3. Secure Apache version information
Ever wonder how do cyber criminals target a server for attacks?
They scan the internet for vulnerable Apache versions, and launch targeted attacks on them.
For eg. let’s say there’s a new vulnerability found for Apache v2.4.1. These tools will search for servers that display v2.4.1 in their headers, and try to exploit that vulnerability.
Now, what if the server headers do not display the version information? The server becomes invisible to the scanners.
That is why, we disable Apache version information in
4. Fix ETag inode disclosure vulnerability
Linux assigns unique ID numbers called “inodes” for each file it creates.
Apache has a vulnerability that sends these inode numbers to browsers as part of its file caching mechanism (using entity tags, aka ETags).
Attackers can use these inode numbers to launch targeted attacks to access files, by circumventing security limits.
So, in the servers we maintain, we disable ETag headers using the setting:
5. Ensure the latest Apache version
Apache maintainers release security patches periodically to fix vulnerabilities.
Major operating system vendors such as RedHat, Debian and Ubuntu include these patches in their security updates.
But there’s a problem – Some vendors such as RedHat do not change the Apache version number even after a patch is applied.
This causes PCI scanners to complain that Apache is not patched.
Here at Bobcares, we keep our customer’s servers updated at all times. But, we also see wrong scan results due to the version numbering issues.
We resolve such issues by contacting the PCI scanning service (eg. TrustWave, Comodo, etc.), and have them issue a successful scan acknowledgement by providing them the patch details.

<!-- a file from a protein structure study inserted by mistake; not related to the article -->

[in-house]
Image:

PCI DSS is not a one-time affair
New vulnerabilities are discovered all the time.
So, it is important to keep Apache updated with new security measures as the threat scape changes.
Here at Bobcares, we audit our customer’s Apache servers periodically and apply security patches as soon as they are released.
We enable several layers of network defenses, brute force detectors and web application firewalls to block all kinds of exploit attempts.
This helps our customers pass PCI DSS scans every year and stay certified.
Security beyond PCI DSS
PCI standards cover only a small part of server security.
For eg. it does not cover defenses against DoS attacks, or malware infection.
That is why our Advanced Server Management services ($149.99 /month) takes care of the entire spectrum of server defenses that includes anti-spam, anti-virus, backup integrity and more.
It helps our customers to focus more on their business than spend time worrying about server security, or standards compliance.
If you need help assessing your server’s PCI compliance or full server security, click here to talk to our experts.
Apache PCI compliance tests can fail due to weak cipher configuration, older protocols, file information disclosure, and more. Today we’ve covered how to resolve the common issues arising out of PCI DSS scan for Apache and how to fix them.